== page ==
Alice DiNizo

With the plethora of books about Jane Austen's ever popular tales of Regency England, "Pulse and Prejudice" is a really good addition to the growing field of Austen book versions. Darcy, based upon the famous male character in "Pride and Prejudice", is a vampire in "Pulse and Prejudice", but he is a nice vampire who works with his aide, Rivens, to make certain that he drinks only the blood of animals. He travels from London society with his friend Charles Bingley, Bingley's sister Caroline, and the Hursts who are Bingley's in-laws, to the country county of Hertsforshire. There Darcy encounters Elizabeth Bennet who troubles him. Darcy is attracted to her but has never considered a woman of no fashion and low connections which is what Elizabeth Bennet seems to be with her loud mother and silly sister Lydia. Then Elizabeth's older sister, Jane, lies dying and Darcy sees teeth marks on her neck. Darcy knows that another vampire who thinks nothing of attacking humans is nearby. Will true love between Darcy and Elizabeth triumph over all the problems between vampires and humans?

"Pulse and Prejudice" is a delightful version of the original "Pride and Prejudice", this time from Darcy's point of view. The basic theme of Darcy and Elizabeth overcoming their differences is wonderfully redone in this story as Elizabeth begins to desire Darcy and his vampire ways. The characters stay basically true to the original Jane Austen version and the plot line flows smoothly and truly in vampire version to the end. What is especially interesting in "Pulse and Prejudice" is Darcy's allusion to Lord Byron and his attack upon the Lake poets. It is interesting to see how this plays out in the story. A huge bouquet of daffodils to author Colette Saucier!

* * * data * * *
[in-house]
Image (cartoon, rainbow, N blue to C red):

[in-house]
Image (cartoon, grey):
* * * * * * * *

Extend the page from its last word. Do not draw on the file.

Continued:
Ellen Hogan

Elizabeth Bennet meets William Darcy the same time that her sister Jane meets Charles Bingley. Jane is enamored of Charles but Elizabeth is not so with Mr. Darcy. Between Bingley's sister and Darcy they conspire to end the potential romance between Bingley and Jane. Elizabeth's opinion of Mr. Darcy takes a further plunge when she learns of his interference in her sister's affairs. However, Mr. Darcy offers for Elizabeth's hand and is turned down in an instant. He writes Elizabeth a letter and explains his acquaintance with Wickham, who slandered him to Elizabeth. He also tells her that like Wickham he is a vampire. When next they meet he is afraid that Elizabeth will be frightened of him, which she is not. Wickham then takes off with her sister Lydia and Darcy goes and handles the situation. Not long after he learns from his aunt that Elizabeth still has feelings for him, so he sets out to reunite her sister Jane with Bingley and obtain Elizabeth's good favor.

The timeless story of Elizabeth Bennet and William Darcy is told but this time with a twist. There is still antagonism between the two from the first time they meet. However, this time the story is told through Darcy's eyes and how he tries to handle his affliction and his struggle with his affection for Elizabeth. Trusting her with his secret and her ability to keep that secret shows the true love between them. This is a love story like no other, author Colette L. Saucier successfully creates a new tale while maintaining the core integrity of the original classic. Her story of vampire-ism flows very well with the rest of the book, almost like it was there from the beginning. The kind of story to curl up with on cold or rainy day, to be lost in the pure enjoyment of a really good book.